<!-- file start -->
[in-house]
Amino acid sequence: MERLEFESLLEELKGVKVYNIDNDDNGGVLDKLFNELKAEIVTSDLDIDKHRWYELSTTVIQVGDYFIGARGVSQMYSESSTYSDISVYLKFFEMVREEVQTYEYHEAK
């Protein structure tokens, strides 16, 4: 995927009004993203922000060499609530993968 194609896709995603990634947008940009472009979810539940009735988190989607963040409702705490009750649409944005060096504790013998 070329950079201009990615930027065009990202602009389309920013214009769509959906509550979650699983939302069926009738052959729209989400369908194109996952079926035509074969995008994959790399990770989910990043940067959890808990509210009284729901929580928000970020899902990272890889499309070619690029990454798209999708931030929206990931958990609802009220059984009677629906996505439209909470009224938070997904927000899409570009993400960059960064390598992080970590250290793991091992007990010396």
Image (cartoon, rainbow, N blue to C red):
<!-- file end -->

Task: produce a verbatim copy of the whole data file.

[in-house]
Amino acid sequence: MERLEFESLLEELKGVKVYNIDNDDNGGVLDKLFNELKAEIVTSDLDIDKHRWYELSTTVIQVGDYFIGARGVSQMYSESSTYSDISVYLKFFEMVREEVQTYEYHEAK
């Protein structure tokens, strides 16, 4: 995927009004993203922000060499609530993968 194609896709995603990634947008940009472009979810539940009735988190989607963040409702705490009750649409944005060096504790013998 070329950079201009990615930027065009990202602009389309920013214009769509959906509550979650699983939302069926009738052959729209989400369908194109996952079926035509074969995008994959790399990770989910990043940067959890808990509210009284729901929580928000970020899902990272890889499309070619690029990454798209999708931030929206990931958990609802009220059984009677629906996505439209909470009224938070997904927000899409570009993400960059960064390598992080970590250290793991091992007990010396």
Image (cartoon, rainbow, N blue to C red):